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FAQs About Probate

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FAQs About Probate

March 1, 2023

What Is Probate?

Probate is the process by which the circuit court manages the estate of a decedent who passed away and owned property in that county. In Probate, the court will determine if the Last Will and Testament is valid. It will also determine how to use the decedent’s assets to pay final expenses, taxes, and debts to creditors on behalf of the decedent.

Because beneficiaries receive their inheritance after Probate, there is always the risk of those assets being used to pay the decedent’s debts. An experienced probate lawyer can help your family represent their interests to receive their inheritance.

What Is a Personal Representative?

According to Florida law, the court will appoint a personal representative (commonly called an executor or administrator) to administer the probate estate, including:

  • Creating an inventory of the probate assets
  • Publishing a notice to creditors in the local newspaper
  • Serving the notice of administration
  • Locating reasonable creditors to notify of the decedent’s passing
  • Paying valid claims or objecting to improper creditor claims
  • Filing final taxes
  • Paying expenses associated with administering the estate
  • Distributing remaining assets after probate to the decedent’s beneficiaries
  • Closing the probate estate

If your loved one passes away without a Will, the court will follow intestate succession to distribute assets to assumed beneficiaries after Probate.

Why Should the Personal Representative Retain an Estate and Probate Attorney?

Probate is a complex legal process to manage a decedent’s estate. Beneficiaries receive their inheritances from assets left after Probate. The personal representative should hire an experienced estate and probate attorney to reduce the risk of a beneficiary bringing forward a probate litigation case against them.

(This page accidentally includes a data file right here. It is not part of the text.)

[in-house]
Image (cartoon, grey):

Is There a Way to Avoid Probate?

Assets in trust bypass probate. Whether in a Revocable or Family Fortress Trust, these assets can skip Probate, and the trustee can administer these assets immediately to beneficiaries. Probate can take over a year to process, meaning that beneficiaries must wait for at least this long to receive their inheritances.

A trust and probate attorney can help you create a Family Fortress Trust to store assets you don’t want to go through Probate when your family member passes away. If your loved one passed away and had assets in a trust, the trustee can distribute those assets.

Copyright © 2024. Family First Firm - Medicaid & Elder Law Attorneys. All rights reserved.
The information in this blog post (“post”) is provided for general informational purposes only and may not reflect the current law in your jurisdiction. No information in this post should be construed as legal advice from the individual author or the law firm, nor is it intended to be a substitute for legal counsel on any subject matter. No reader of this post should act or refrain from acting based on any information included in or accessible through this post without seeking the appropriate legal or other professional advice on the particular facts and circumstances at issue from a lawyer licensed in the recipient’s state, country, or other appropriate licensing jurisdiction.
Family First Firm – Medicaid & Elder Law Attorneys
(407) 574-8125
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